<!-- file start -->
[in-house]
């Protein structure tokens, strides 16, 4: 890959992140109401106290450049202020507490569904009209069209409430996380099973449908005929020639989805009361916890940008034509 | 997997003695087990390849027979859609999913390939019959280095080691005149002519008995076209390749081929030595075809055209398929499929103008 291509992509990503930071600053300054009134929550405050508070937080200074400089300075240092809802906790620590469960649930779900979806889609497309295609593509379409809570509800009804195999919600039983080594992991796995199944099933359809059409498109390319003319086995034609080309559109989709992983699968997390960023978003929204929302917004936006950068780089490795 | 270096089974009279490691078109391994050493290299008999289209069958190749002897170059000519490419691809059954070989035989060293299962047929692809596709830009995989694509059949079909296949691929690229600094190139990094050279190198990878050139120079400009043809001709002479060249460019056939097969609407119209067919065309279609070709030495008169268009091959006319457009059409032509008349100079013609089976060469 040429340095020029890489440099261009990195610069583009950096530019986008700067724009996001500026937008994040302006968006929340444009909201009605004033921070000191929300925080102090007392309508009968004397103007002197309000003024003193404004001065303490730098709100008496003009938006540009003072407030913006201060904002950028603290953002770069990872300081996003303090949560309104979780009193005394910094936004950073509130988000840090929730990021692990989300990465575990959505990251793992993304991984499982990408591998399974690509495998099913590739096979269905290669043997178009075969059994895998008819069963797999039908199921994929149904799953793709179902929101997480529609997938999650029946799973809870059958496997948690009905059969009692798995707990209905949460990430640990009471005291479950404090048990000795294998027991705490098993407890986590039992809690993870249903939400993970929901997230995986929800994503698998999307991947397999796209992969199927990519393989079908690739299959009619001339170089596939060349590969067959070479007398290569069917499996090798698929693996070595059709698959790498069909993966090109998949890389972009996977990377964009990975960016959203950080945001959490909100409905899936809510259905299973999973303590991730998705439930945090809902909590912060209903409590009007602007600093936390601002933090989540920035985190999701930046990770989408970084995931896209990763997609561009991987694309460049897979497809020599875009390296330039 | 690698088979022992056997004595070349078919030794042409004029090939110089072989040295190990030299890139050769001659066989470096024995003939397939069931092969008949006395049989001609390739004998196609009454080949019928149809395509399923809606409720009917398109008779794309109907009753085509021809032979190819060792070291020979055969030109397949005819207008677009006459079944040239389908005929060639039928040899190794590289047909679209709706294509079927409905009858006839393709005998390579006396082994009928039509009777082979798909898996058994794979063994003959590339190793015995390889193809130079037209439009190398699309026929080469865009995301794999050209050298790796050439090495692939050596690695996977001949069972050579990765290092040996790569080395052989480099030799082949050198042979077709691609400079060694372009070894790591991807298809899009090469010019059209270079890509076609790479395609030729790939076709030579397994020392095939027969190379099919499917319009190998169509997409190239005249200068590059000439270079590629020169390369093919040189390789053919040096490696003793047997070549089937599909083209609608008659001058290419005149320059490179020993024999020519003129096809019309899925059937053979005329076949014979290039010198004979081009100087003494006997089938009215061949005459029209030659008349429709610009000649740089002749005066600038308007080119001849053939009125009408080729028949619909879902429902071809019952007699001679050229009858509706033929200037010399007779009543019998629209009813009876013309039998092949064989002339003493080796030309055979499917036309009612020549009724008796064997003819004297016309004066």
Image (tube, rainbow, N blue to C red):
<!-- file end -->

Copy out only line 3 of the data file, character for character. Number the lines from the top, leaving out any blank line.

Image (tube, rainbow, N blue to C red):